SpaceX's incredibly powerful Starship lost in the Indian Ocean after reaching orbit for 1st time

Starship just after launching from its Boca Chica, Texas launchpad on March 14, 2024.
Starship just after launching from its Boca Chica, Texas launchpad on March 14, 2024. (Image credit: Brandon Bell via Getty Images)

SpaceX's Starship rocket just reached orbit for the very first time, but now it's gotten lost upon reentry. 

The giant rocket — the biggest and most powerful ever built — blasted off from its launchpad in Boca Chica, Texas, on Thursday (March 14) at 9:25 a.m. EDT (1:25 p.m. GMT), entering the stratosphere just minutes later with a record-breaking 16.5 million pounds (7.5 million kilograms) of thrust. Standing 394 feet (120 meters) tall, Starship can carry 10 times the payload of SpaceX's current Falcon 9 rockets. 

The launch is the rocket's third test flight, and its first one to reach orbit; the previous two ended in dramatic explosions of the craft's 33-engine Super Heavy booster rocket that culminated in an environmental lawsuit. After conducting a number of maneuvers during the spacecraft's hour-long flight in orbit, mission control reportedly lost contact with Starship as it reentered Earth's atmosphere somewhere over the Indian Ocean.

Starship likely broke up or exploded over the ocean, SpaceX confirmed.

"The team has made the call that the ship has been lost, so no splashdown today," Dan Huot, SpaceX's communications manager, said during the company's livestream of the launch. "But again, just it's incredible to see how much further we got this time around."

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"Starship reached orbital velocity!" Elon Musk, the billionaire founder of SpaceX wrote in a post on X, formerly called Twitter, shortly after the successful launch. "Congratulations SpaceX team!!"

Once the rocket was in flight, mission engineers completed a number of tests, including re-lighting its engines in space and opening its payload door, before steering the craft back to splash down in the Indian Ocean. However, during reentry, the team lost contact with Starlink — SpaceX's satellite internet service — and the Tracking and Data Relay Satellite System that it uses to keep an eye on its rockets.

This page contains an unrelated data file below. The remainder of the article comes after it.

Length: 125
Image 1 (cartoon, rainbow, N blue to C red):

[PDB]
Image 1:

SpaceX intends to use future versions of Starship to transport crews, spacecraft, satellites and cargo to various locations in the solar system — both for its own purposes and on behalf of NASA. The U.S. space agency is slated to use Starship's Human Landing System to transport humans to the moon's surface for the first time since 1972, for the upcoming Artemis 3 and 4 missions.

Starship is designed primarily with cheap and efficient manufacturing in mind, using inexpensive stainless steel for its construction and methane — which SpaceX says can be collected on Mars — to power the rocket. It is designed to be reusable and can carry a payload of up to 275 tons (250 metric tons) in its non-reusable state, around 10 times that of SpaceX's current Falcon 9 rockets.

SpaceX doesn't appear to be too concerned about its misplaced rocket and often states that failures during early test phases are normal.

"Each of these flight tests continue to be just that: a test," SpaceX said in a statement released before the launch. "They aren't occurring in a lab or on a test stand, but are putting flight hardware in a flight environment to maximize learning."

Ben Turner
Staff Writer

Ben Turner is a U.K. based staff writer at Live Science. He covers physics and astronomy, among other topics like tech and climate change. He graduated from University College London with a degree in particle physics before training as a journalist. When he's not writing, Ben enjoys reading literature, playing the guitar and embarrassing himself with chess.